Here's a deeper look into the top trending stories in manufacturing today based on reader feedback: Ten technology trends for 2014; a deal to keep an Ohio tank factory open; and a factory from the future. Below these stories, check out links to other related news and features at Manufacturing Business Technology.
Which business technologies will lead the way in 2014? Research firms, journalists, and bloggers are gearing up to share their thoughts on this question and offer their predictions over the few weeks. Immersed in today’s dynamic business technology environment and excited about what’s to come, we at LNS Research offer our early list of main focus areas you can expect experts to be discussing over the next few months.
At this point in late 2013, reports suggest that mobile devices are outpacing PCs as the primary source for computing. Traditional business functions (and innovative new ones) are increasingly expected to be accompanied by a solution in the app store. In 2014, managing by walking around will continue to occur, only even more-so with a tablet or smartphone in hand.
Be sure to also check out MBT Manufacturing Newswire this Thursday for an exclusive interview with Matthew Littlefield, president of LNS Research for his Top 3 technologies that will affect manufacturing in 2014.
LIMA, Ohio (AP) -- U.S. Senate and House negotiators are planning to provide as much as $90 million to keep the production line running at an Ohio tank manufacturing plant.
The money for the Joint Systems Manufacturing Center is included in the defense bill, which could get congressional approval as early as this week. It means Abrams tanks will continue to roll off the line at the nation's only tank manufacturing plant, in Lima (LY'-mah), about 80 miles south of Toledo. Continue reading...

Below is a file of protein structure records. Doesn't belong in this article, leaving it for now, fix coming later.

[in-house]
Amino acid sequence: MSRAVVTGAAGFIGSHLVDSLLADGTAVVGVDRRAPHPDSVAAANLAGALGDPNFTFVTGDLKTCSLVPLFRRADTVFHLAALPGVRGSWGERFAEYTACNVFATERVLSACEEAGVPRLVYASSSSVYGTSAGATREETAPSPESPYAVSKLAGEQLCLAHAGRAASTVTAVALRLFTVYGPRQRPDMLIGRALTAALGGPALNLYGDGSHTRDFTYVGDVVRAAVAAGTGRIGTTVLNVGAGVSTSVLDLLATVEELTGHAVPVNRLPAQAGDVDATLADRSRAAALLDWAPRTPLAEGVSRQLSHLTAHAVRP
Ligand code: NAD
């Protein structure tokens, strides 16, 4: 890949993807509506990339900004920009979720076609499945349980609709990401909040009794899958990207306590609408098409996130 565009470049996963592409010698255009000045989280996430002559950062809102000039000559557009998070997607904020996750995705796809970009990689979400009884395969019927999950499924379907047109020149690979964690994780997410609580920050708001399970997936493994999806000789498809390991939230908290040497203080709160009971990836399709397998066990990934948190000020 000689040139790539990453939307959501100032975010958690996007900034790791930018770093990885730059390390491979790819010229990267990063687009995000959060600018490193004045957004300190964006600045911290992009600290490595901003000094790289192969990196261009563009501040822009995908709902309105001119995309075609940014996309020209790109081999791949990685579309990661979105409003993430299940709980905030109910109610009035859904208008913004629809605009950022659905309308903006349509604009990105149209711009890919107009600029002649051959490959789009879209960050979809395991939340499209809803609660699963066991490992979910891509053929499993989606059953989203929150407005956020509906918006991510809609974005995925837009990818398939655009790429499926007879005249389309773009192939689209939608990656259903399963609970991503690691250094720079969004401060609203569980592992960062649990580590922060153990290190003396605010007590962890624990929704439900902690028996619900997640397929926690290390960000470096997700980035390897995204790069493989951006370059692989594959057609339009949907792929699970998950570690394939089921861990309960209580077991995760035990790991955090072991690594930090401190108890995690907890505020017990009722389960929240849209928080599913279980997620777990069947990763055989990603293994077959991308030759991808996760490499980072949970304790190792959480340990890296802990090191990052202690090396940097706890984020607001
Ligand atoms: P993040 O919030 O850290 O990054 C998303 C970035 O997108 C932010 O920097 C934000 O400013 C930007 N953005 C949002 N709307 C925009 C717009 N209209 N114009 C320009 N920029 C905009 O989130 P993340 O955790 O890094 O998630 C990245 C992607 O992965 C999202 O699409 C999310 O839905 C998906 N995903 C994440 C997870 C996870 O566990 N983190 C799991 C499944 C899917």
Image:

Commenter Splatticus had this to say on the issue:
"I live in Ohio, and even so, it's obvious the tanks are not worth building anymore. Actually, I kind of think no tanks should ever be built, but of course that's not realistic, you know, with us men having our little wars and all. At any rate, no one needs these particular products, and even our own Army doesn't want them. What could be more totally pork barrel, right? We can make great stuff in Ohio that people actually want. We'd be happy to take Federal handouts to employ former tank builders for making cars or refrigerators or the next generation of energy generation technology or whatever. Man, what a weird thing government can sometimes be."
Reporter Ray Martin takes you on a tour of the Redeye 3D printing factory in Minneapolis — where the world's first 3D printed car was born.
As a follow-up to this video about a manufacturing facility consisting entirely of 3D printers, reporter Ray Martin discusses the pros and cons of 3D printing. Check out that video here: The Pros And Cons Of 3D Printing.
If you'd like to weigh-in about What's Trending In Manufacturing, leave a comment below or Email me at Jon.Minnick@advantagemedia.com.